JUNE 2, 1997

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Opinion

A different theory about why tree was removed

tree removal In response to Paul Jensen's letter (May 26) explaining why the big cottonwood was removed from JB Instant Lawn's north field:
   I am not sure if you realize that the cottonwood tree removed was an eagle-roosting tree. Up to four eagles have been observed using the tree at the same time, and until it was removed, it was used by eagles that are year-round residents in our area.
   I find it interesting to discover the tree was unhealthy because of drainage problems. The area of ponding of concern was over 200 feet from the tree. How was the tree affected? The swale that had the ponding still exists. Watch--during the winter, the ponding will still be there.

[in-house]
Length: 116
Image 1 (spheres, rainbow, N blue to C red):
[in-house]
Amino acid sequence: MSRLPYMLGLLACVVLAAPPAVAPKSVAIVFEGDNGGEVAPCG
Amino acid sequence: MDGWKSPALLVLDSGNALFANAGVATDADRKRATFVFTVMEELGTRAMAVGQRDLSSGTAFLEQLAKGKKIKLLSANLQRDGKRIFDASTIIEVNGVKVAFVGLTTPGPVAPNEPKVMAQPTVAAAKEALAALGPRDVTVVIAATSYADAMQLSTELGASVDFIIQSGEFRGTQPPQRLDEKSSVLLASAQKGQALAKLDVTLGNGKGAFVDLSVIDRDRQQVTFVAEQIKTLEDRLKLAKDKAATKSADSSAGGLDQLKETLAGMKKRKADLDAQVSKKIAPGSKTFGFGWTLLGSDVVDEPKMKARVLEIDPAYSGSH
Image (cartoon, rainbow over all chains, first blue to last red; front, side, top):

The bulldozer doing the work was working from the southeast end of the field moving soil toward the swale. Removal of the tree did not create more soil to be moved into the swale. Removal of the tree just required more soil from the field.
   If the tree was a safety hazard for employees, why did it not lose branches during our big storms this past winter? If it was a safety hazard, why did the removal operation not begin until 7 p.m. on a Friday night with no one around but the dozer operator? It must not have been a hazard to fall down, since the operator had to dig deep enough around the tree that the top of the dozer was almost below ground level before he could push the tree over.
   As you may guess, I have a different theory of why the tree was removed.

Robert Newman, Woodinville